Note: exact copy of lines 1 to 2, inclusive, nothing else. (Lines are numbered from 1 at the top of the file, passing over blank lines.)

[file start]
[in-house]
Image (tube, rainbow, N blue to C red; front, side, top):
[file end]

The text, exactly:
[in-house]
Image (tube, rainbow, N blue to C red; front, side, top):